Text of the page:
The fabric should be dried in such a way as to reduce migration of resin to a minimum. Migration always occurs towards the surface on which water is being evaporated and is exaggerated if heating is confined to one surface of the fabric. A pin tenter provided with two-sided hot air drying and running at over 20 yards per minute is preferred. If drying cylinders are used, they should be run as fast as possible (over 30 yards per minute at least) and warp tension should be reduced to a minimum. In all methods of drying, low running speeds are considered inadvisable since they are much more likely to lead to resin migration. Little migration takes place one the moisture content of the fabric has been reduced below 40% and high temperatures particularly in the early stages of drying are therefore to be preferred.
The fabric should have a moisture content not exceeding 10% as it leaves the drier and overdrying is preferable to underdrying.
When the fabric has been satisfactorily dried, it is necessary to condense or to polymerise the resin in the fibres to develop the required properties. This is usually done by subjecting the fabric to a dry heat treatment for a relatively long time at a low temperature (just over 100 temperatures below 140 long for efficient working and temperatures above 180 to lead to variable results. The actual time required depends on the efficiency of heat-exchange in the curing equipment and the nature of the fabric but the baking times given above and which are summarised in the table below for different temperatures are usually close to the optimum for equipment in which heat is provided by hot air circulation:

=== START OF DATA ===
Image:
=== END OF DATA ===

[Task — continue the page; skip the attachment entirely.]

A baking unit provided with driven rollers at the top and bottom will minimise tension at this stage and is most commonly used but stenters and other hot air drying equipment can also be employed.
Cloth with a high moisture content on leaving the drier will obviously take longer to reach baking temperature and some compensation should be allowed for this factor.
The so-called washing off normally employed in resin finishing processes is omitted.
The following are examples given by way of illustration only of specific compounds contained in resin precondensates which may be used in the combined resin casing and dye fixing method of the invention. ##STR2##
In general, the dyestuffs with which the process is concerned are those which are capable of being transfer printed by sublimation, i.e. transferred from a support web such as a paper web to a textile fabric web through the application of heat.
The great majority of such dyestuffs fall in the class known as disperse dyestuffs and these include amongst others anthraquinone and azo dyestuffs. In order that these disperse dyestuffs may be applicable to the process of the invention, they must have the further characteristic that they should be capable of reacting with the hydroxymethyl, alkoxymethyl (e.g. methoxymethyl) or aldehyde groups of the resin molecules. Thus, the dyestuff molecules must carry one or more amino, hydroxy or hydroxyalkylamino groups in the molecule so as to achieve the desired fixing under the effect of heat.